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Food Allergy Prompts Search For "Friendly Foods," And New Website

By Kendra Bobowick, The Newtown Bee.
Aimed at "breaking the boundaries of food allergies," as the new website FriendlyFoodFinder.com states, visitors can "find new food ideas that can help solve your dietary dilemmas." Behind the site is its co-founder, Newtown resident Deborra Zukowski, who is also the mother of a daughter who is severely allergic to milk and peanuts. She recalls many of the complications she encountered as her daughter Sadie, now a senior in college, was growing up.

 "I was a mom who said, 'My daughter is severely allergic, but that doesn't mean she has to go in the corner and avoid everything, it just means things are a little different.'"

Cupcakes posed a problem. Ms Zukowski remembers when Sadie's class had a birthday party and cupcakes, including a frosting made with milk, would be served. Rather than think her daughter would be left out, she searched for a frosting that her daughter could eat, "So while others celebrated, she could too." Ms Zukowski found other "Sadie friendly" foods through necessity. Traveling and Halloween were also tricky scenarios that led Ms Zukowski to other safe food discoveries.

One Halloween recipe called for whipped cream.

"How do I substitute that? " Ms Zukowski had wondered. After checking a kosher market with milk-free whipped cream near her home years ago in Westchester County, N.Y., she said, "They were out. I scoured for something dairy free." Her hunt led her to soy- and rice-based items.

After moving to Newtown in 2002 and entering Sadie in the local school system, Ms Zukowski recalls, "We were doing great until sophomore year." Sadie would be traveling that year to Italy with the high school orchestra. How would Sadie know what was in the foods in another country? She and Ms Zukowski decided to pack their own foods.

"We had ten days worth of food in carry-ons. Canned goods are heavy," Ms Zukowski said.

On her kitchen table this month she had an array of what she liked to call "Sadie friendly" things that her daughter could eat — a camping trail mix included. Lifting the package, Ms Zukowski noted how much lighter it was than canned goods. She and Sadie now found something that Sadie could pack and take on trips.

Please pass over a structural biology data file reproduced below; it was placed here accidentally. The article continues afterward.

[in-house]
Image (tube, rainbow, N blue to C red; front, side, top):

Ms Zukowski's trip through adolescence with her daughter and her food allergy caused a lot of "improvising," she admitted, and some realizations. Thinking back to the plane trip especially, she said, "I wanted to tell everyone with little ones [who can't bring canned goods on a plane] here's an alternative…"


An "Ah-Ha!" Moment

In June 2011 Ms Zukowski had an "Ah-ha!" moment, and started building her website — an interactive network where members can indicate the different safe foods they find for their allergy. The site has lists of foods and the stores where they are available. "It's really focused on people knowing what the options are and where."

As a brief bio on the site explains, "Our whole family searched for food substitutes, called manufacturers and talked with our doctors, family, friends, and colleagues." But despite the help, Ms Zukowski's bio states, "I always felt there should be an easier way."

The website — up since November — officially went public on April 23.

The site states, "We wanted to create a resource to make life easier. This website provides a way that we can share food finds with one another and by doing so creates a database of real life practical information — information that you can turn to anytime you need a helping hand."

The site includes food finders and store finders. The site also offers a food forum for members to talk.

Overall, she is pleased with the site.

"Where it's strongest is having people help people." Looking back at the last 20-plus years of searching for safe foods for her daughter, she said, "This was a labor of love."

Ms Zukowski finds the website FoodAllergy.org informative; it lists statistics and government data regarding food allergies. The site represents the Food Allergy and Anaphylaxis Network, FAAN. According to the site: "Food allergy occurs when the immune system mistakenly attacks a food protein. Ingestion of the offending food may trigger the sudden release of chemicals, including histamine, resulting in symptoms of an allergic reaction. The symptoms may be mild (rashes, hives, itching, swelling, etc) or severe (trouble breathing, wheezing, loss of consciousness, etc). A food allergy can be potentially fatal. Scientists estimate that as many as 15 million Americans suffer from food allergies."

Ms Zukowki's website includes a food finder, store finder, food forum, resources, and recommended foods. Residents are now able to log on and participate. The site is free to join and benefits include shared experiences, conversations, and contact with others facing similar needs.


Copied, with permission, from The Newtown Bee. See original article below.


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